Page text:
Methodological strategies and techniques

Three to five in-depth interviews were conducted per woman during the PLP (with a live newborn) and information was collected at different points in the research process (credibility). Counting the healthcare personnel, there were a total of 38 interviews.

The interviews were carried out by the main researcher in an unstructured way with open questions (22). A guide was used that included topics related to social class (9-11) and the meanings of the relationship of women with healthcare personnel (9,12). The mee­tings were scheduled according to the availability of the participants in places chosen by them. The conversations were private and confidential: in social organizations, the home when the women were alone, and little frequented restaurants. The duration was one hour on average.

The main researcher carried out the participant observation (13,23) in the health services where the women attended (Table 1). 62 women were accompanied during pregnancy, labor and postpartum. The observations were recorded in a field diary. We sought not to block interaction with subjects. The complete writing was done when not in the field. Accompaniment itineraries were constructed in an ethnographic manner, with descriptive and detailed information (credibility) that included: point of view of each woman (visibility of the PLP process in a historical and situated context), the position of other subjects different from the participants (credibility), the established dialogues and the reflexivity of the researcher. Statistical and epidemiologi­cal information was collected and it was used to build the context of the research, which helped to give meaning to the results. All of the above is available at Escuela de Graduados of Universidad CES in Medellin to inform of the transferability to other Latin American urban contexts with similar health systems.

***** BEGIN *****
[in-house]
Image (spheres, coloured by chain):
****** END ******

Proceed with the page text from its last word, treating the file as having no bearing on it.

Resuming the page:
Qualitative analysis

Similar and different aspects among participants were identified in the accompaniment itineraries. This information was or­ganized during the PLP, which allowed us to see recurrence of theoretical aspects over time by each woman (23). The above was transcribed in an Excel file which was important to analyze the interviews, since there were aspects that seemed to be non-recurring, but when triangulated (credibility) with the accompaniment itineraries, they acquired theoretical importance.

The interviews were recorded by the main researcher and transcribed by two female transcribers from Universidad CES in Medellin. The transcriptions of the interviews and the accompaniment itinerary were given to the participants for feedback.

ATLAS.ti 7 was used for the analysis; a code was assigned to the paragraphs or phrases, which allowed classifying the in­formation. We disaggregated data so we could link them again but in a different way, in the form of categories. This was done seeking to construct concepts related to the theory (content analysis) and group data that have similar meanings, in order to construct concepts that give meaning to the results (24). We could identify 179 codes derived from the data and organized them in 11 categories. Two categories are published in the results of this article. The coding process was carried out with the research group and a social worker.

The results were triangulated taking into account the methodological techniques (credibility) and the socialization process (18,19). This was carried out with peer researchers from Universidad CES and experts in the field, outside the process, which allowed the inclusion of different and interdisciplinary perspectives (reliability, auditability). Likewise, the socialization was progressive with the participants to validate the information and propose strategies that emerge from themselves.

Ethical aspects